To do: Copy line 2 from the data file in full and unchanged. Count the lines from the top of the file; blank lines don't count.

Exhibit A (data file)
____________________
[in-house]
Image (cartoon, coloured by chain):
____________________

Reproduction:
Image (cartoon, coloured by chain):